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Markov chain

Markov chain
A simple two-state Markov chain A Markov chain (discrete-time Markov chain or DTMC[1]), named after Andrey Markov, is a mathematical system that undergoes transitions from one state to another on a state space. It is a random process usually characterized as memoryless: the next state depends only on the current state and not on the sequence of events that preceded it. This specific kind of "memorylessness" is called the Markov property. Markov chains have many applications as statistical models of real-world processes. Introduction[edit] A Markov chain is a stochastic process with the Markov property. In literature, different Markov processes are designated as "Markov chains". The changes of state of the system are called transitions. A discrete-time random process involves a system which is in a certain state at each step, with the state changing randomly between steps. Many other examples of Markov chains exist. Formal definition[edit] . . of states as input, where is defined, while and

Related:  Section 10: Markov ProcessesArt & Technology

Application to Markov Chains Application to Markov Chains Introduction Suppose there is a physical or mathematical system that has n possible states and at any one time, the system is in one and only one of its n states. As well, assume that at a given observation period, say k th period, the probability of the system being in a particular state depends only on its status at the k-1st period. Such a system is called Markov Chain or Markov process. Blog » Blog Archive » Pimp up your camera with Arduino timelapse video tutorial – auch auf Deutsch Pimp up your camera with Arduino timelapse video tutorial – auch auf Deutsch Zoe Romano — May 25th, 2013 Last month we launched the first of a series of tutorials hosted on our Youtube Channel and created by Max of MaxTechTV in german language. Today we are publishing the second video called “Pimp-up your camera with an Arduino timelapse“.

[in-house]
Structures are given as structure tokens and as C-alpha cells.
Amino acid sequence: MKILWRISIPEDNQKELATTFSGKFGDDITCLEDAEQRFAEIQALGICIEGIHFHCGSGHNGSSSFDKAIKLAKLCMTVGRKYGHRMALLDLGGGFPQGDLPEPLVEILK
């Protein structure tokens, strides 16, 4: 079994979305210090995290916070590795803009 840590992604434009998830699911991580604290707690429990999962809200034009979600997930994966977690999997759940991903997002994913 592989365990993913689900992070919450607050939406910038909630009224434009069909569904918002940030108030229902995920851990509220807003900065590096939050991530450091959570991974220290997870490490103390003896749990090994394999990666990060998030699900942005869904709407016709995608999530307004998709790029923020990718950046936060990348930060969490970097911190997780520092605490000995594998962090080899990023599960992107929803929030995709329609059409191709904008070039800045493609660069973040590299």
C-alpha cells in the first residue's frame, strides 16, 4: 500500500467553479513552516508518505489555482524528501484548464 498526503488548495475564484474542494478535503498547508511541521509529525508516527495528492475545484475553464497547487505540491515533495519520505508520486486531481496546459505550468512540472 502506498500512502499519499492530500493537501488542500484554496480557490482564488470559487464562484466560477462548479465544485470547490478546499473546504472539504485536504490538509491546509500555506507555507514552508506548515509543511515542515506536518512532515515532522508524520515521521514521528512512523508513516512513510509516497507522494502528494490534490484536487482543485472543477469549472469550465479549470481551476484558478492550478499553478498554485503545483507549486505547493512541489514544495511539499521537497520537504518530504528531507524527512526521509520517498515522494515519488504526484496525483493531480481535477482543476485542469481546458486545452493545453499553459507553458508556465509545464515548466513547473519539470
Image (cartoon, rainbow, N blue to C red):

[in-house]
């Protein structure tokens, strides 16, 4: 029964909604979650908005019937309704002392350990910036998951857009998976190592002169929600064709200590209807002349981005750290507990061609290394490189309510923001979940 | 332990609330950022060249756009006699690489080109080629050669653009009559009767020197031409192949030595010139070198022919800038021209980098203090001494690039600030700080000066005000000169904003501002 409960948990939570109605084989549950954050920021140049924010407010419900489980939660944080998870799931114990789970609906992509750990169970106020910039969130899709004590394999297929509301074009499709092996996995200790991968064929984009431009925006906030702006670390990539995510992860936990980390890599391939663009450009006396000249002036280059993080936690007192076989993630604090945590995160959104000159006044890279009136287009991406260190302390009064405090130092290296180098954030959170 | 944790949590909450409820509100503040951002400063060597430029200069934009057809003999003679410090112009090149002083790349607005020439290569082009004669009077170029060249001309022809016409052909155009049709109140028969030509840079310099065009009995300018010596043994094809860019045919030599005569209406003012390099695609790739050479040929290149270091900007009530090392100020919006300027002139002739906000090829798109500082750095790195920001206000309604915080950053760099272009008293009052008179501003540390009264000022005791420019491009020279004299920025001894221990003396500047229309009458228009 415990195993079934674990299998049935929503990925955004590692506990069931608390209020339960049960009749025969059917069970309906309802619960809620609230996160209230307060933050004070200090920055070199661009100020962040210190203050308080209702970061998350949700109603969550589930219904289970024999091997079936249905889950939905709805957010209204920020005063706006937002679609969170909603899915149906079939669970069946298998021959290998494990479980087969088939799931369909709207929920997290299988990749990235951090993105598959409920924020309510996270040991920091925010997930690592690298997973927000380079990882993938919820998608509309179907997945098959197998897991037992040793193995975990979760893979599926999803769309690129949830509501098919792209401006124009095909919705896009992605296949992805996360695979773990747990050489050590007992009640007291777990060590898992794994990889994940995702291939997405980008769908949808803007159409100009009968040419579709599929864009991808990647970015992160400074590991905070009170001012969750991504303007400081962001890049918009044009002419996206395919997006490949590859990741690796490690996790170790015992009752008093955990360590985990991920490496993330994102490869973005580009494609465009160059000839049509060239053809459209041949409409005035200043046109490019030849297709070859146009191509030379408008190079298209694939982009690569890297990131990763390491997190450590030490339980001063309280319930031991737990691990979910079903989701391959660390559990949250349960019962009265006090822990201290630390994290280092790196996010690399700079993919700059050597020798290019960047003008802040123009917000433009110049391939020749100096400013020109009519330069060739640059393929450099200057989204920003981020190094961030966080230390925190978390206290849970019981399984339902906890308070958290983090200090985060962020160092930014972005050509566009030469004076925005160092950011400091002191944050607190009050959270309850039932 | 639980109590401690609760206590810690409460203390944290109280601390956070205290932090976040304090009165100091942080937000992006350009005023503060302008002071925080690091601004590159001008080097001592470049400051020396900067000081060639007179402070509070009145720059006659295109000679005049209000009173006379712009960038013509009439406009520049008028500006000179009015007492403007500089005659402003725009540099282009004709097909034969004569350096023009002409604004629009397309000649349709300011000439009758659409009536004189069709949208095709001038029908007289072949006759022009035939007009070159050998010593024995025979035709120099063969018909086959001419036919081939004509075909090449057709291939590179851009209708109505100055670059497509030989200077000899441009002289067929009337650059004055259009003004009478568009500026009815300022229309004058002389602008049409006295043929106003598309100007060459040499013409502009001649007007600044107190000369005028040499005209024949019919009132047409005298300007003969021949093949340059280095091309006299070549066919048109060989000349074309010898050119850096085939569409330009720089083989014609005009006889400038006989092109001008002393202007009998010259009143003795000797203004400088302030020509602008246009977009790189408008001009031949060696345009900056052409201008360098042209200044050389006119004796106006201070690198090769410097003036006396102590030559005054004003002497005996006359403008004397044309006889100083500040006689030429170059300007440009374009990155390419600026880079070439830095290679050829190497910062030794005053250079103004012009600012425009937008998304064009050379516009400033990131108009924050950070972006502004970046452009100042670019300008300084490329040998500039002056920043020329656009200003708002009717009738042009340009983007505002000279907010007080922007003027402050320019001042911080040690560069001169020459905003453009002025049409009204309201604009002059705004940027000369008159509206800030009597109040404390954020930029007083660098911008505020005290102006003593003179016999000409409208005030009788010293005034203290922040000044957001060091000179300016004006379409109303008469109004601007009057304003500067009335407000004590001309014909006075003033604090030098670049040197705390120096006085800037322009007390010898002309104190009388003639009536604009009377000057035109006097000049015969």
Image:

Markov chains don’t converge I often hear people often say they’re using a burn-in period in MCMC to run a Markov chain until it converges. But Markov chains don’t converge, at least not the Markov chains that are useful in MCMC. These Markov chains wander around forever exploring the domain they’re sampling from. Any point that makes a “bad” starting point for MCMC is a point you might reach by burn-in. Not only that, Markov chains can’t remember how they got where they are.

Molecular diffusion Diffusion from a microscopic and macroscopic point of view. Initially, there are solute molecules on the left side of a barrier (purple line) and none on the right. The barrier is removed, and the solute diffuses to fill the whole container. 4 Problems with Big Data (And How to Solve Them) Big Data Innovation Summit returns to Boston, Sep 9-10, with 60+ sessions covering Big Data biggest problems (and how to solve them). Use code KD300 to save $300 off all two-day pass prices. Managing large datasets can be problematic. Compared to smaller amounts of data, analysis, storage, privacy and interpretation can cause difficulties for today's data leaders. Rest assured, the Big Data Innovation Summit returns to Boston next month, on September 9-10, with 60+ sessions covering Big Data's biggest problems (and how to solve them!)

Examples of Markov chains This page contains examples of Markov chains in action. Board games played with dice[edit] A game of snakes and ladders or any other game whose moves are determined entirely by dice is a Markov chain, indeed, an absorbing Markov chain. This is in contrast to card games such as blackjack, where the cards represent a 'memory' of the past moves. To see the difference, consider the probability for a certain event in the game. In the above mentioned dice games, the only thing that matters is the current state of the board. Predator takes visual object tracking to new heights – Computer Chips & Hardware Technology Cameras have slowly made their way into the portable gadgets we all carry around with us and not having a camera in a new device is viewed as a missing feature. It’s got to the point now where the latest smartphones even have two cameras so as to make for better video chat. But while the prevalence and quality of the cameras has gone up, the software still lags behind in terms of being able to identify and track objects in any real-time or captured footage.

Random walk Example of eight random walks in one dimension starting at 0. The plot shows the current position on the line (vertical axis) versus the time steps (horizontal axis). A random walk is a mathematical formalization of a path that consists of a succession of random steps.